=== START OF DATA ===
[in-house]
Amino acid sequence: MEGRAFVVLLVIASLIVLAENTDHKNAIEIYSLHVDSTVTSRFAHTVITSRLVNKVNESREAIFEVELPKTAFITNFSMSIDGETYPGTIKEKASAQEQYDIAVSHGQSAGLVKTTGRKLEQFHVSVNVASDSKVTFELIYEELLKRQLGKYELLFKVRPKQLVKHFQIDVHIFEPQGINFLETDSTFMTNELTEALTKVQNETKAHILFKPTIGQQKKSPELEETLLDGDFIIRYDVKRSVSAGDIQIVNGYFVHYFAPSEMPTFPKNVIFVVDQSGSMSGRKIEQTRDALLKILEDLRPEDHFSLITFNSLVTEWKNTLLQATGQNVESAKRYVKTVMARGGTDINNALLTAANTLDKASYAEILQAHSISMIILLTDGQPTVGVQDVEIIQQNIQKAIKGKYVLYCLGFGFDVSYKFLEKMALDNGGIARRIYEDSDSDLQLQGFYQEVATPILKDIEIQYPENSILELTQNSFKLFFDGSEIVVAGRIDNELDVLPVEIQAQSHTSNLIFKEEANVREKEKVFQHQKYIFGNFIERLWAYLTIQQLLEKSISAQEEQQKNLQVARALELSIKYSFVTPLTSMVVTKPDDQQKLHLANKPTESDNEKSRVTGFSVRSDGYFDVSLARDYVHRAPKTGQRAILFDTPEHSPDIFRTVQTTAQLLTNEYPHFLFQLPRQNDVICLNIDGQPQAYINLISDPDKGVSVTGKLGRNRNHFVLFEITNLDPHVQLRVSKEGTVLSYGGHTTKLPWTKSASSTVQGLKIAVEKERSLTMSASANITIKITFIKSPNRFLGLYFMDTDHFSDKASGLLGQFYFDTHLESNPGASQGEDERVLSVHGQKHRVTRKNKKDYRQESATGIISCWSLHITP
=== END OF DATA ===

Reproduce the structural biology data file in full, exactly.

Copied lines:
[in-house]
Amino acid sequence: MEGRAFVVLLVIASLIVLAENTDHKNAIEIYSLHVDSTVTSRFAHTVITSRLVNKVNESREAIFEVELPKTAFITNFSMSIDGETYPGTIKEKASAQEQYDIAVSHGQSAGLVKTTGRKLEQFHVSVNVASDSKVTFELIYEELLKRQLGKYELLFKVRPKQLVKHFQIDVHIFEPQGINFLETDSTFMTNELTEALTKVQNETKAHILFKPTIGQQKKSPELEETLLDGDFIIRYDVKRSVSAGDIQIVNGYFVHYFAPSEMPTFPKNVIFVVDQSGSMSGRKIEQTRDALLKILEDLRPEDHFSLITFNSLVTEWKNTLLQATGQNVESAKRYVKTVMARGGTDINNALLTAANTLDKASYAEILQAHSISMIILLTDGQPTVGVQDVEIIQQNIQKAIKGKYVLYCLGFGFDVSYKFLEKMALDNGGIARRIYEDSDSDLQLQGFYQEVATPILKDIEIQYPENSILELTQNSFKLFFDGSEIVVAGRIDNELDVLPVEIQAQSHTSNLIFKEEANVREKEKVFQHQKYIFGNFIERLWAYLTIQQLLEKSISAQEEQQKNLQVARALELSIKYSFVTPLTSMVVTKPDDQQKLHLANKPTESDNEKSRVTGFSVRSDGYFDVSLARDYVHRAPKTGQRAILFDTPEHSPDIFRTVQTTAQLLTNEYPHFLFQLPRQNDVICLNIDGQPQAYINLISDPDKGVSVTGKLGRNRNHFVLFEITNLDPHVQLRVSKEGTVLSYGGHTTKLPWTKSASSTVQGLKIAVEKERSLTMSASANITIKITFIKSPNRFLGLYFMDTDHFSDKASGLLGQFYFDTHLESNPGASQGEDERVLSVHGQKHRVTRKNKKDYRQESATGIISCWSLHITP